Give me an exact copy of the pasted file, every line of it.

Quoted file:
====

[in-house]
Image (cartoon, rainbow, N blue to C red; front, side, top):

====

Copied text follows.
[in-house]
Image (cartoon, rainbow, N blue to C red; front, side, top):